Are Police Cuts Responsible For Drink Drive Spike?

Wed 27th Nov 2019

Worrying new statistics released by the Department for Transport show that drink drive deaths on UK roads have hit their highest level since 2009.

The DftT data reveals that there were 250 drink-drive related deaths in 2017, accounting for 14% of all casualties on Britain’s roads and up 9% from 2016.

The jump coincides with a falling number of full-time police officers according to data published by Vantage Leasing. The number of police on the streets has been cut by 17 per cent due to budget cuts, with the volume of roadside breathalyser tests dropping by a shocking 55 per cent.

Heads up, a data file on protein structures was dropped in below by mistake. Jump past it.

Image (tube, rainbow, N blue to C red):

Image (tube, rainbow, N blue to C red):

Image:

Rob Walker, managing director of Vantage Leasing, said: “Drink-driving remains a serious issue for UK road safety. 

“Since 2010, we've seen a 17 per cent drop in full-time police numbers. At the same time, drink drive fatalities and serious accidents have gone up. 

“While having more officers won't solve the problem of drink-driving entirely, they will undoubtedly help reduce the issue.”
The figures show that there were 737,000 breath tests conducted in 2010, compared to just 326,000 seven years later and that in 2017 there was a higher proportion of drivers found to be over the limit.

The news comes ahead of one of the worst months for drink driving with Christmas seeing a rise in the number of roadside checks.